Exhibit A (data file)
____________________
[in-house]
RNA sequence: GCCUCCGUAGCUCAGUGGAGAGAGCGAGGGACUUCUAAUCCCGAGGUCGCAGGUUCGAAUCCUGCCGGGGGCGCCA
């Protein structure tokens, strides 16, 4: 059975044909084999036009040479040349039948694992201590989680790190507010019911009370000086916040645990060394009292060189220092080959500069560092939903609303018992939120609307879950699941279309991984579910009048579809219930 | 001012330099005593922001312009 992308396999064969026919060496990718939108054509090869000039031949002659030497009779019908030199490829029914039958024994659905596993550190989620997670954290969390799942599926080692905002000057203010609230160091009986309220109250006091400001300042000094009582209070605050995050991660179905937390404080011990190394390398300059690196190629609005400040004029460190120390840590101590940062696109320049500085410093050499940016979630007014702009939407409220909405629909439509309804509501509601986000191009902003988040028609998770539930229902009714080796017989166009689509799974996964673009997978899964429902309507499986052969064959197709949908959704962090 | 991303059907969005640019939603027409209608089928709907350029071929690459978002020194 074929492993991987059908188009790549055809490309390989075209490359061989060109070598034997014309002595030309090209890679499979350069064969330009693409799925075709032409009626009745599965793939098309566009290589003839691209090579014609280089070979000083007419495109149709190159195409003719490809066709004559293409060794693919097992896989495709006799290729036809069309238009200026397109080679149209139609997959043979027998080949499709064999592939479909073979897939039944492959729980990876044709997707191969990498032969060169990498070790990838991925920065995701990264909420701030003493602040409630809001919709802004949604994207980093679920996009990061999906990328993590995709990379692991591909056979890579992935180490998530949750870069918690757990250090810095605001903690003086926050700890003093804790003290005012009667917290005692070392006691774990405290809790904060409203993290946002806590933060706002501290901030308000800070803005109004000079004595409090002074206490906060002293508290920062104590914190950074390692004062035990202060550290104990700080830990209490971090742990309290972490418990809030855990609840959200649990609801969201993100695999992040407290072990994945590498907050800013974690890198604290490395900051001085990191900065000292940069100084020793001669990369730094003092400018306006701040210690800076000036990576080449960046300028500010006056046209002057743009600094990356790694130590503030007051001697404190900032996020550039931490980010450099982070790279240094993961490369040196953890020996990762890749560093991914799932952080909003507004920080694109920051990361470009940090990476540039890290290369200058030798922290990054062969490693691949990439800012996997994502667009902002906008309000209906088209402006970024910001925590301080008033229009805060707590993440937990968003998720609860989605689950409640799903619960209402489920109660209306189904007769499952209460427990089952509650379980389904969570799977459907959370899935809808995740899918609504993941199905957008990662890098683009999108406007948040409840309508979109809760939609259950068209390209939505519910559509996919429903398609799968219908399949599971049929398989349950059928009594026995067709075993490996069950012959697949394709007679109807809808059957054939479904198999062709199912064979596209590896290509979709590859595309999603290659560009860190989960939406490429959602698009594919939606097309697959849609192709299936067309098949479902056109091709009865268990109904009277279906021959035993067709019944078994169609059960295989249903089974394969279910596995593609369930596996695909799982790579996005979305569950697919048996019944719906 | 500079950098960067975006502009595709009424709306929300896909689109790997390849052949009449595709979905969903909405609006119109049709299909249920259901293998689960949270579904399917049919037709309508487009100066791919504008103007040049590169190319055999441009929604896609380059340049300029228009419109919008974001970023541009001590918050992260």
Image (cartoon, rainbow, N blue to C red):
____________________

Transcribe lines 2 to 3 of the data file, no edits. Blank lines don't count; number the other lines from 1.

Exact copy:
RNA sequence: GCCUCCGUAGCUCAGUGGAGAGAGCGAGGGACUUCUAAUCCCGAGGUCGCAGGUUCGAAUCCUGCCGGGGGCGCCA
């Protein structure tokens, strides 16, 4: 059975044909084999036009040479040349039948694992201590989680790190507010019911009370000086916040645990060394009292060189220092080959500069560092939903609303018992939120609307879950699941279309991984579910009048579809219930 | 001012330099005593922001312009 992308396999064969026919060496990718939108054509090869000039031949002659030497009779019908030199490829029914039958024994659905596993550190989620997670954290969390799942599926080692905002000057203010609230160091009986309220109250006091400001300042000094009582209070605050995050991660179905937390404080011990190394390398300059690196190629609005400040004029460190120390840590101590940062696109320049500085410093050499940016979630007014702009939407409220909405629909439509309804509501509601986000191009902003988040028609998770539930229902009714080796017989166009689509799974996964673009997978899964429902309507499986052969064959197709949908959704962090 | 991303059907969005640019939603027409209608089928709907350029071929690459978002020194 074929492993991987059908188009790549055809490309390989075209490359061989060109070598034997014309002595030309090209890679499979350069064969330009693409799925075709032409009626009745599965793939098309566009290589003839691209090579014609280089070979000083007419495109149709190159195409003719490809066709004559293409060794693919097992896989495709006799290729036809069309238009200026397109080679149209139609997959043979027998080949499709064999592939479909073979897939039944492959729980990876044709997707191969990498032969060169990498070790990838991925920065995701990264909420701030003493602040409630809001919709802004949604994207980093679920996009990061999906990328993590995709990379692991591909056979890579992935180490998530949750870069918690757990250090810095605001903690003086926050700890003093804790003290005012009667917290005692070392006691774990405290809790904060409203993290946002806590933060706002501290901030308000800070803005109004000079004595409090002074206490906060002293508290920062104590914190950074390692004062035990202060550290104990700080830990209490971090742990309290972490418990809030855990609840959200649990609801969201993100695999992040407290072990994945590498907050800013974690890198604290490395900051001085990191900065000292940069100084020793001669990369730094003092400018306006701040210690800076000036990576080449960046300028500010006056046209002057743009600094990356790694130590503030007051001697404190900032996020550039931490980010450099982070790279240094993961490369040196953890020996990762890749560093991914799932952080909003507004920080694109920051990361470009940090990476540039890290290369200058030798922290990054062969490693691949990439800012996997994502667009902002906008309000209906088209402006970024910001925590301080008033229009805060707590993440937990968003998720609860989605689950409640799903619960209402489920109660209306189904007769499952209460427990089952509650379980389904969570799977459907959370899935809808995740899918609504993941199905957008990662890098683009999108406007948040409840309508979109809760939609259950068209390209939505519910559509996919429903398609799968219908399949599971049929398989349950059928009594026995067709075993490996069950012959697949394709007679109807809808059957054939479904198999062709199912064979596209590896290509979709590859595309999603290659560009860190989960939406490429959602698009594919939606097309697959849609192709299936067309098949479902056109091709009865268990109904009277279906021959035993067709019944078994169609059960295989249903089974394969279910596995593609369930596996695909799982790579996005979305569950697919048996019944719906 | 500079950098960067975006502009595709009424709306929300896909689109790997390849052949009449595709979905969903909405609006119109049709299909249920259901293998689960949270579904399917049919037709309508487009100066791919504008103007040049590169190319055999441009929604896609380059340049300029228009419109919008974001970023541009001590918050992260």